Facebook’s latest moves appeal to teens, professionals and hungry users. It has recently integrated with food ordering and delivery platforms, taken on LinkedIn with a new resume feature and snapped up the viral, anonymous complimenting app tbh to appeal to teenagers (tbh, that one probably won’t work). Can any social networking platform be all things to all people? If anything can, it’s Facebook, and the social media giant sure is trying.
Hungry for more than content? Facebook users can now order food with the click of a button, after rolling out the option to a limited number of customers over the summer. The “Order Food” option can be found under the Explore menu in the Facebook app. Users can browse nearby restaurants or start an order immediately if they already know what they want to eat.
Instead of competing with online food ordering and delivery services, the social media giant has decided to join forces with them, kicking off partnerships with industry players EatStreet, Delivery.com, DoorDash, ChowNow, Olo, Zuppler and Slice. It also has direct partnerships with some restaurant chains, including Five Guys, Papa John’s, TGI Fridays, Denny’s, Chipotle and Panera.
InvestorPlace says that the addition of food ordering capabilities makes Facebook stock a must-buy. Even if the social network’s food ordering capability never grows beyond its current, fairly simplistic, iteration, and even if it never becomes a cash cow for the platform, complexity and mass adoption are not the keys to generating revenue through this offering, says the site. Two billion monthly users are more than enough to make the retail experiment profitable, even if only a “few” of them embrace it.
Teenagers don’t like Facebook. This is hardly news.
According to research by Piper Jaffray, Facebook spent years as the least popular social media platform among teens before finally gaining a slight lead over Twitter. The most recent Piper Jaffray teen survey showed that only 9 percent preferred Facebook as their social network of choice — marginally better than Twitter’s 7 percent.
Nearly a quarter of teens chose Instagram, which is owned by Facebook, but Snapchat was the winner far and away, with 47 percent of teens saying it was their favorite social media platform. Facebook and Instagram tried to be more like Snapchat by adding a “Stories” feature to attract teens, but the younger demographic has not been swayed.
Axios notes that the underlying philosophies of the platforms are simply too different to generate the demographic overlap for which Facebook has been gunning. Snapchat is all about engagement over scale, connecting users with their closest friends and family. Facebook is all about the opposite, maintaining relationships between contacts who share only the loosest of ties.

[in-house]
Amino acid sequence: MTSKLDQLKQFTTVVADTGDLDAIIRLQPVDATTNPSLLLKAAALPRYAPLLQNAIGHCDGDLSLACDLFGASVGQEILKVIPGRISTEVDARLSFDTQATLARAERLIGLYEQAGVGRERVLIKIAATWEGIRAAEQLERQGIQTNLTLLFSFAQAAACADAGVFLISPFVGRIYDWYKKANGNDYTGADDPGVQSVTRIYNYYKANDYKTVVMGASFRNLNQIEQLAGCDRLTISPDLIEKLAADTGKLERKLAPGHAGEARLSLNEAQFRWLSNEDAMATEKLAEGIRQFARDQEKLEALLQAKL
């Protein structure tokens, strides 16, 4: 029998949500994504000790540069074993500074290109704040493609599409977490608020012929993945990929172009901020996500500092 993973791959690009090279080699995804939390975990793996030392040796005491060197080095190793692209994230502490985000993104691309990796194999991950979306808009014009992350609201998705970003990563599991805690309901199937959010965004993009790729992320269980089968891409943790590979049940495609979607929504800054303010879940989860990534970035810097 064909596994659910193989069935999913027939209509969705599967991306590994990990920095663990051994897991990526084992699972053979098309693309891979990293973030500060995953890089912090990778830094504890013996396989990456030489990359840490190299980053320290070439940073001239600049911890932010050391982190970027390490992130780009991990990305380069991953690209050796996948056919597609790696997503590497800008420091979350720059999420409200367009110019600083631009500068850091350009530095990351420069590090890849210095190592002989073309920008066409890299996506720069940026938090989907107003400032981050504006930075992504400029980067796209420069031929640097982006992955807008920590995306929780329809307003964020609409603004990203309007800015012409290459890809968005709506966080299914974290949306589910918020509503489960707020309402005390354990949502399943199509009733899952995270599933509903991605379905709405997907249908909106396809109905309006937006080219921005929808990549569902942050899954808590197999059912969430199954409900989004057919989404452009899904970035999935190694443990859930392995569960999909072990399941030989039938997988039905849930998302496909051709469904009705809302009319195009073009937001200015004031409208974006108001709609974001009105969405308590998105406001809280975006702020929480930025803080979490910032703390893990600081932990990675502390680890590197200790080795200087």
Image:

Teens have made it pretty clear which one holds more value for them.
If you can’t beat them, join them. That’s been Facebook’s strategy so far, showing just how threatened the social media Goliath feels whenever some little David starts gaining traction in the App Store.
First, it swallowed up Instagram, and now the anonymous compliment app tbh, which quickly became the App Store’s sixth most-downloaded app, after 5 million users (primarily teens) downloaded it over the summer. Facebook paid less than $100 million for the acquisition, The Guardian reports.
Like competitors Secret, Yik Yak and Sarahah, tbh allows users “to be honest” with each other (behind the veil of anonymity, of course). Unlike those competitors, however, tbh eliminates the potential for unkind sentiments and cyberbullying by limiting responses to compliments.
Users are shown a positive question such as, “Who makes you laugh the hardest?” or, “Who has the most integrity?” Then they are given four Facebook friends from which to choose. Whomever they select is notified of the compliment, but not who sent it. More than 1 billion messages have been sent.
It seems unlikely that Facebook’s latest acquisition will improve its popularity among teens. The primary benefit will be to tbh, which gains access to Facebook’s 2 billion-member user base as it endeavors to spread its good vibes to more demographics.
For now, tbh will retain its own employees and functionality.
Facebook users can now list their professional experience and education in a nice, neat, professional-looking package that is kept separate from personal photos, status updates and posts, reports Business Insider. The idea is to create a convenient, integrated way for users to share their professional selves with the world — and with job recruiters in particular.
The move takes very clear aim at Microsoft-owned competitor LinkedIn, the social network for professionals. Will Facebook oust LinkedIn? Or perhaps acquire it one day as it did Instagram and tbh? Or will it decide that the professional sphere just isn’t what it was made for? Only time will tell.